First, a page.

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Can another person's lawyer require me to take a statement under oath to release me from auto accident liability?

Fort Worth, TX |

I was in an auto accident and found to be at fault. I am underinsured from the accident with limits of 30/60/25 that will not be enough to cover the other persons medical injuries. The other person's attorney has told my insurance agent that they will not release me from liability without a statement under oath about the events prior to the accident. Can the other person's lawyer require me to make a statement under oath without taking me to court? My insurance representative has told me they are going to hire me a lawyer.
I thought a statement under oath was usually required from your own personal insurance company when fraud is suspected.

Thank you

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Attorney answers 8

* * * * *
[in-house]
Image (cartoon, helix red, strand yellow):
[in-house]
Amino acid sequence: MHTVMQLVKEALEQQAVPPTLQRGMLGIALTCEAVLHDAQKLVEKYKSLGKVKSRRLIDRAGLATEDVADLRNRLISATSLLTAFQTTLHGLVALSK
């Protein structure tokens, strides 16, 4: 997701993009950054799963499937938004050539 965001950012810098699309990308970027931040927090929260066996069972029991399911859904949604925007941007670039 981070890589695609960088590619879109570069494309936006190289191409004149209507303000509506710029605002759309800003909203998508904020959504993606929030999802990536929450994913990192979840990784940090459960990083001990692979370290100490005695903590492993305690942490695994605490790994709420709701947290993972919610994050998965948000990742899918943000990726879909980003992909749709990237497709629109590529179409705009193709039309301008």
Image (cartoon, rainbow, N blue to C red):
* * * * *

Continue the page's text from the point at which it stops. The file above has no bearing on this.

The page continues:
Posted

You should retain an attorney to represent you and see you through this predicament. Good luck.

Personal injury cases only; I'm good at it; you be the Judge! All information provided is for informational and educational purposes only. No attorney client relationship has been formed or should be inferred. Please speak with a local and qualified attorney. I truly wish you and those close to you all the best. Jeff www.nyelderinjurylaw.com

Posted

Meet with the attorney your insurance company hires for you and discuss the matter.